Blog“Always” “Never” Wins

June 15, 2023by Frank Love0

Have you ever uttered the words, “You are always complaining” or “I am always cleaning up after you”? How about, “You always leave your shoes in the middle of the room.” Or have you ever exclaimed, “I never get to do the things I want to do” or “You never say, ‘Thank you’”?

I recently watched the fifth episode of the first season of Bel-Air, the dramatic remake of The Fresh Prince of Bel-Air. I like the show and was impressed with a particular segment of dialogue.

Aunt Viv to her daughter Hillary: Do I always sound so critical?

Hillary: Not always, but often.

I was impressed with this dialogue because it pointed out the implications of the use of an extreme word like always. I have said always and similar words such as never at times. I have also heard them from various partners over the years. They each speak to a frustration or an unfulfilled desire. They are also extreme statements that often elicit an extreme response.

Extreme statements are made to express a tremendous feeling or perceived atrocity. When we speak this way, we want the listener/receiver to experience the weight of our emotions. This is fair; it is important to communicate what is going on with us, particularly to our partner.

Though we may leave subtle clues and use body language, verbal communication has value. However, extreme statements often have a unique dynamic and purpose—they can be used to win.

At work, winning can look like getting our way when arguing with a colleague; it may look like victory when we take the party we believe offended us to court. These are interactions that are designed to have a winner. Neither sets the stage for creating a win-win resolution, a dynamic where both parties win and both sides are satisfied.

What does this have to do with relationships? We often take this same approach in our relationship, and it can pose a problem because now the opposing party is our partner. When we cease to be concerned about their well-being, we start losing things. We may lose empathy. We may lose a positive connection. We may even lose our partner outright. And we may gain some things we did not anticipate: resentment, disdain, or even an enemy.

Let’s raise our awareness of the heaviness we relay when we share hurts and frustrations with our partner using extreme language. Are we approaching conversations as battles we’re focused on winning? If so, instead of talking to and dealing with our partner as though they are our enemies, let’s talk to them with moderation and care. Let’s tone down the words we use

 in our delivery. After all, many of our partners have no idea that their actions may be perceived as damaging.

This awareness is a positive step on the road toward creating a loving culture in our relationship because heavy-handed language may lead to a heavy-handed response. When we say to someone that they are always or never doing something, we are saying that there is no time when they do not do this. Our partner may hear, “You are a messed-up individual judging by your consistently messed-up behavior,” or some variation where they feel attacked. How do many of us respond when someone tells us that we are messed up?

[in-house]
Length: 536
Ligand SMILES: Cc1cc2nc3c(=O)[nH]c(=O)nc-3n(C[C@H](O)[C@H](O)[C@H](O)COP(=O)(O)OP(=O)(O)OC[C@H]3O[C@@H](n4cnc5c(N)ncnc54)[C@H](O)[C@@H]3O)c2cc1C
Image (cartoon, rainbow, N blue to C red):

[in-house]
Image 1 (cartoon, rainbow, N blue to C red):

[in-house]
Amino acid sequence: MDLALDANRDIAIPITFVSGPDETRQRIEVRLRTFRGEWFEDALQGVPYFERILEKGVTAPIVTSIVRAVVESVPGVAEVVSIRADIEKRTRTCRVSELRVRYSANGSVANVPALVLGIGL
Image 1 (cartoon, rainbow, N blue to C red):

If we are using always and never, let’s pause and consider our possible intent. If the intent is to win, let’s use a more moderate form of

 expression. This is an important step toward creating a win-win, loving culture in our relationship.

Finally, addressing these dynamics is exactly why we do the weekly Tuesday (7:00 p.m. to 8:30 p.m., “Black Women: Creating a Loving

Culture in Our Relationship”) and Thursday Zoom calls (7:00 p.m. to 8:30 p.m., “Black Men: Creating a Loving Culture in Our Relationship”). Interested individuals can connect to support and be supported by one another as we work through relationship challenges with the goal of creating a more loving culture within our relationship.

Keep Rising,

Frank Love


Watch Frank Love’s presentation “The Act of Caring.”


Subscribe to receive Frank’s weekly blog.


Become a sponsor of Frank Love and his work creating loving cultures in our relationships with a monthly contribution of as little as $2. Sign up today at Patreon.com/FrankLove.




Each week, Frank Love hosts Zoom support group meetings that assist women and men as we work to create a loving culture in our relationships. Calls occur from 7 p.m. to 8:30 p.m. EST and can be accessed by visiting FrankWeeklyCall.com.


  • Tuesdays—Black Women: Creating a Loving Culture in Our Relationships
  • ThursdaysBlack Men: Creating a Loving Culture in Our Relationships


–—–—–—–—–—–—–—–—–—–—–—–—–—–—–—–—– –

Frank Love coaches individuals toward creating a loving culture in their family. He is also the author of Relationship Conversations You Don’t Want to Have (But Should Anyway) and 25 Ways to Be Loving. To schedule a free consultation, contact Frank at Frank@FrankLove.com.

Leave a Reply

Your email address will not be published. Required fields are marked *

Frank Love Logo

Visit us on social networks:


Visit us on social networks:

Copyright 2010-2022 Frank Expressions, LLC. All rights reserved.
Web Design by The Baron Solution Group

Copyright 2010-2018 Frank Expressions, LLC. All rights reserved.
Web Design by The Baron Solution Group